While working on some program that renders creatures shapes using on bézier curves I found that it took quite some time to manual enter coordinate points, and this got even worse when I wanted to update the shape. So I decided to create a small openFrameworks based application to create and edit these shapes.
The ofxXmlSettings addon (that comes with the openFrameworks 'FAT' version) looked like the perfect candidate to use in order to import/export the created shapes from this app to the one using these shapes. Guided by the example code that comes with the OF download it was a breeze to implement this feature.
Creating this program was also a nice opportunity to give the ofxSimpleGuiToo addon a try. With this addon it's very easy to get a GUI up and running quickly. You can save it's settings to a xml, that will be used to restore your settings on the (re)start of your program. This is a nice feature but not that important for this particular program. One thing I found to be quit frustrating though, was that I wasn't able to access the GUI object as I wanted. I would have liked to remove the top 'page' with the buttons (not in the screenshot above), because it will probably cause some confusion. Also, the way that buttons and other GUI elements work was a bit strange to me. The all work by changing the value of a referenced variable, where you would maybe expect some type of event handler instead.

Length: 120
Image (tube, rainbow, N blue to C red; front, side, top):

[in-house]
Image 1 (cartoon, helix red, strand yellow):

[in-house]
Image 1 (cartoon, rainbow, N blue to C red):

Everything in the this addon is coded nicely Object Orientated (as far as I can tell), so you would maybe expect it were a bit simpler to change the way ofxSimpleGuiToo works. The main reason I didn't succeed in getting the GUI the way I wanted it to be, was because the lack of good documentation. In my experience this (the lack of good/proper documentation) applies to almost everything that has to do with openFrameworks, and this is a real shame!
Coding this program also introduced me to some maths I wasn't familiar with. Although not really important, I found it would be quit useful and user friendly if adding a new point to the shape was done instinctively. To me this means double clicking on the line should result in an extra point on that particular spot. Adding a point based on these coordinates is of course not a big deal, but figuring out where to place its handles in order to keep its shape was bit of a mystery to me. Luckily Google helped me out with some results about Bézier Curves. On http://www.cubic.org/docs/bezier.htm there's some short but clear info about how to calculate a point on a bézier curve, including some example code written in C.
'Animating' a created shape is also possible. All you have to do is to create a second shape, with exactly the same number of points (which is done by the software), that differs from the first shape and it will automatically morph between the first and second shape. By displaying the Animation GUI (press 2) you can control the the animation options. Unfortunately the animation part isn't as advanced as I wanted it to be, it's actually not even close. But I had to stop working on this, it was supposed to be a quick development of a helper tool, not a taking-way-to-long, full-blown application.